Possible consequences of failure to acknowledge the above include neglect of diversity and cultures. Value it. Ignoring the valuable resource will limit their world view. Disenfranchising and discouraging, devaluing, disempowering – don’t handicap

Attitude of a teacher: transition / support / how do students feel in terms of students who finish first or take longer? /

My homework (A.K.A. the between module activity) is as follows. Select one class student. Understand their life, experiences, impacts on their ability to learn, hobbies, favourite biscuits, and so on. I can use any strategy to do so. Perhaps an untargeted questionnaire, a survey of the class, discussions with other teachers, an insight from their family, a photo of their favourite thing at home and so on… What do they miss when they’re at school? The old who, when, what, why, how, do, etc scenario is with me until next Thursday’s class. That student’s funds of knowledge will be valuable to teaching them.

And with that, I’m sat listening to Chuck Berry live and reading about things other than books that students can read to enhance their reading skills. Books are the gateway to knowledge, but in these modern times books are not the only medium for reading. In the age of information, words are all around us. Students should be encouraged to read (digital or hard copies):

books written by each other

dictionaries and thesaurus

play scripts

road signs

maps and atlases

song lyrics

poetry

travel brochures and leaflets

blogs

websites

encyclopedias

newspapers

magazines

social media and micro posts

catalogues and listings

programmes of events/sports meetings/games

manuals and ingredients on food labels

recipes

Anyway, that’s all for Thursday night. Let’s hope this COVID-19 scatters away soon. Keep busy. Eat a toffee apple for me and some Parkin Cake. I had to make do with McVities Hobnobs (the ones without chocolate). Stay strong. Peace and love x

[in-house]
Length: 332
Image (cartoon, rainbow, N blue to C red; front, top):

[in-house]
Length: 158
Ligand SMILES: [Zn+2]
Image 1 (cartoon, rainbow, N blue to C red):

John

Woolly balls, Alan & Xi’an

How do! / 你好 (nĭ hăo) / Namaste / Welcome!

Is that…? No, it can’t be. But, wait, it bloody well is. I‘ll have a gander to check. I stepped into a stationery store in Dalang, attached to the Dongguan Dalang Football Association (DGDLFA). Football culture and community has always interested me. The crest of one of the DGDLFA clubs resembled Man Utd’s badge. I’m sure any do. It’s a curse in any Asian nation that most fans follow a red team. Their flags are red, their Communist brothers in arms are red, red stars, red scarves, red packets, lucky blooming red. Everywhere.

Instead of worn old leather footballs on the central axis, this club, Dongguan Zhicheng F.C. has in place two woollen balls. Zhī (织)means weave or knit. Chéng (城) means city or wall. So, here we have it a woolly mammoth-aged club wrapped in cotton wool. On the top of the crest there are kind of lucky bells, and golden scrolls. There is a ball in pace of Salford Rugby Club’s stolen red devil. Six people fail to adhere to social distancing beneath the ball. The sixsome is an oddity in itself. Most people I know play 7-a-side in China, and sometimes, every now and then 5-a-side. There is football in the traditional 11-a-side format, which is lesser-spotted. I only know of one 6-a-side field in Dongguan. We use it regular on a rooftop. So, Dongguan Zhicheng F.C., what is this mutant game you are playing?! I was in the stationery shop, a foreigner, a rogue and an unexpected shopper. I had to investigate further.

Inside a larger, and rounder older Cantonese lady kind of sneered at me. She eventually asked what I was looking for. I uttered my crap Mandarin Chinese, “Wǒ zài kàn” (我在看). This in itself was bad, as she was clearly Cantonese. I had overheard her recording a flowing barrage of Canton dialect into her right-hand-clutched-like-a-Lego-man-mobile-phone. Can we say phone now? Most phones are mobile now. Landline phones in China are mostly ornamental, right? I could have said to her, “Wǒ zhǐ shì kàn kàn” (我只是看看。) Zhǐ shì means just/merely/only. I didn’t. We all know by now, that I was on a reconnaissance gathering mission. If anyone is monitoring me, I am buggered. Proper buggered. She said, a simple, “Hǎo de” (好的) because it was okay to look around right. It’s a stationery shop and not Area 51.